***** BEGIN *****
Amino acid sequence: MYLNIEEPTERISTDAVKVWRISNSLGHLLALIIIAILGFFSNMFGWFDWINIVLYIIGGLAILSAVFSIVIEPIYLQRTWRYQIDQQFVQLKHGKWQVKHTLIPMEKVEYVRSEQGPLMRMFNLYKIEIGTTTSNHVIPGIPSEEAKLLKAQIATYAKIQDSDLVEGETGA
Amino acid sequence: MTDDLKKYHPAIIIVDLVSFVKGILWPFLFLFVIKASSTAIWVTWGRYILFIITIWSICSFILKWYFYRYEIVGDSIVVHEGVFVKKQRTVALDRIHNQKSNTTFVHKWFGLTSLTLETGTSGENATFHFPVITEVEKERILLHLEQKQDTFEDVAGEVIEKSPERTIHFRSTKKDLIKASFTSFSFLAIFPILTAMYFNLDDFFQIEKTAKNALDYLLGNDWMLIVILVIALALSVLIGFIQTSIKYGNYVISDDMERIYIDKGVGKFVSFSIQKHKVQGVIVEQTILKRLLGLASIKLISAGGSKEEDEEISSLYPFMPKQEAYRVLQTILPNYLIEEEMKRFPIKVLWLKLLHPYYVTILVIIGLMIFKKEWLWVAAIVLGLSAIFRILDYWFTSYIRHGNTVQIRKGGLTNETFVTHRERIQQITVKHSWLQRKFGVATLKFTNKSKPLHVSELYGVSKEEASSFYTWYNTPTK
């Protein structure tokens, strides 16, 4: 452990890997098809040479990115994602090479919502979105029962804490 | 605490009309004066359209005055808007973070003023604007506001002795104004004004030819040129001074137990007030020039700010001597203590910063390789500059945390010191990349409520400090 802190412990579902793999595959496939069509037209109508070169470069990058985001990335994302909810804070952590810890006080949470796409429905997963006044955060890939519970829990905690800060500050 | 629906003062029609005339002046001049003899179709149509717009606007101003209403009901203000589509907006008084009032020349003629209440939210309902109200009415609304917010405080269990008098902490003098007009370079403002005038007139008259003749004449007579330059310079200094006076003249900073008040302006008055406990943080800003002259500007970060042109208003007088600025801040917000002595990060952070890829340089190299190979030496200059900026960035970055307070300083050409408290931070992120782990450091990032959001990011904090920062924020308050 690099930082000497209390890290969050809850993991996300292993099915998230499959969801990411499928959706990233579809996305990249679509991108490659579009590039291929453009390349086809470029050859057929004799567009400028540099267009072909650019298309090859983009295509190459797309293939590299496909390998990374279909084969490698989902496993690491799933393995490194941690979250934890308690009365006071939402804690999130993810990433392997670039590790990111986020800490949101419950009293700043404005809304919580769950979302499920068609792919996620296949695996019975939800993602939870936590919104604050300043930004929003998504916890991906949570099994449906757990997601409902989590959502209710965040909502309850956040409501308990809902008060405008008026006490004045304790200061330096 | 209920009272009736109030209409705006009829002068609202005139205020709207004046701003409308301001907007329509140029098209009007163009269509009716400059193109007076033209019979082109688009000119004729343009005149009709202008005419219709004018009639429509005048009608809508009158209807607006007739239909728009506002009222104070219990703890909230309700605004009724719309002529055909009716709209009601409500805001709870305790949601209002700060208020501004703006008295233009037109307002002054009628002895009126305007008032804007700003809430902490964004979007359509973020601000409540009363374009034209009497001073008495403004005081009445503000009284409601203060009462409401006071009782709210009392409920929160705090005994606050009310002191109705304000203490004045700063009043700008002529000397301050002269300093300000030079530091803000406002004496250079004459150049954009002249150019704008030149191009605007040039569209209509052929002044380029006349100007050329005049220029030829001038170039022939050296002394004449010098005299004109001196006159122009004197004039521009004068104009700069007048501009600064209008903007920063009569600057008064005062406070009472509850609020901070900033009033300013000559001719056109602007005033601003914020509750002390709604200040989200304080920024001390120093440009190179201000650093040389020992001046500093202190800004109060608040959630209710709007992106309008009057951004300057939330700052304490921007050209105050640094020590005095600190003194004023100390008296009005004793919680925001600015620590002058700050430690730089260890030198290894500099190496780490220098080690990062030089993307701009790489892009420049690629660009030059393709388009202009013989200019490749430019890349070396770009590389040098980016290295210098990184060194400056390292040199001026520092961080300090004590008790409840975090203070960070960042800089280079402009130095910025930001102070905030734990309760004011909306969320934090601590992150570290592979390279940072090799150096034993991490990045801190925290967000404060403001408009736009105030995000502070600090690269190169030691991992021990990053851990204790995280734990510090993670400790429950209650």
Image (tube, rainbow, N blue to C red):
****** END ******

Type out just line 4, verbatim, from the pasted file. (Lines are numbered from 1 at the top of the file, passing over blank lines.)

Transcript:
Image (tube, rainbow, N blue to C red):